We were escorted around by a young Romanian girl, who spoke English well.  She showed us approximately 100 children.  My friends asked me to ask her ‘where were the others?’. I declined, as we – the Comber organisation – were hoping to move in soon afterwards – we didn’t want to cause any problems.  Who knows where they were! – the same story in most orphanages, you will be glad to know that since then, we have installed heat and painted some of the rooms.  We may be asked to help with the food there, at least they will have some small comforts this winter

From there we went to the mental institution for adults, which I had been told about.  The journey there was ‘weird’.  We drove for miles – through the woods – even the trees seemed like monsters.  Then we came to a ‘clearing’ we were lost!  There were two women talking and we asked them for directions.  Even the look on their faces, as they directed us seemed strange.  It was like driving into another world.  Eventually, we came on a huge building, on a hillside, surrounded by a high wall.

After introducing ourselves to a ‘gateman’, he let us through.  The initial scene is a blur.  We were advised to drive around the back, for safety. I will only tell you a little about the place; it is home to 690 men and women Some were dressed-in rags, some not dressed at all.  Two of Mother Teresa’s Sisters work there and they took us up to there little ‘treehouse’-Soon afterwards, the only doctor in this institution arrived- a lady.  She is there because her husband is ill and because they haven’t any medicine, he is going a ‘little crazy’.  He will probably end up there and she wants to be there, to take care of him. Her main occupation is performing abortions.  They showed us through the building.  We counted approximately 100 beds.  The others sleep on straw – if they have some.  This is cleaned out – whenever.  There are other scenes that I saw that day. 1 cannot tell you or anyone else – about – it would be betrayal.  Please understand.  We left, we managed to dance around, outside, with some of them – to music they had blaring through the window.  It was all so unreal. I think I saw hell, last summer, in the sunshine, I don’t believe I will ever find sense in this world anyone.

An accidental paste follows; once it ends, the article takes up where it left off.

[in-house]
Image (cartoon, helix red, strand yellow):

For these unfortunate adults, I’m afraid we cannot do anything.  For the moment, 1 don’t even want to think of them – just that they come before my eyes fairly often.  Last week, I was told that due to lack of funds, we would have to ‘cut’ our (Comber) financial – food help from $500 per month to $250. I was shocked into reality, when I heard this. 1 told them (Comber) not to do this, – that I would help.  Also, we (Heart to Hand), hope to take food to the street – children in the ‘shelter’.  Unfortunately, we will not be able to take anything to the children in Bacau, it is too far away and the weather will be bad – down to -15 and snow. I often wonder and think about them – are they sleeping, are they cold, are they hungry? (On a little personal note – I get so tired when thinking or trying to write about these children. I have moments of near despair and wonder is there any sense, but deep down, 1 know that they are depending on me).

I’m going there again on Dec. 23 – Jan. 4. This Christmas, like the others, I hope to help feed them – and Dec. 24 and 25, to take each of the ‘little ones’, in my arms for 10 – 15 minutes.  This is the Christmas present I take from Ireland.

1 wonder if you could help me to help them?  Thanks very much to those who raised funds during the past few years – those who couldn’t or didn’t know their story, maybe you might consider a little this time.  Every little adds to a lot.  Who knows maybe someday you may see these children.  From the moment I looked at them I can never look away.

Thanks for listening again to part of their story.

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About this record

Written by Sr Imelda Walsh

Published here 19 Apr 2023 and originally published Christmas 1998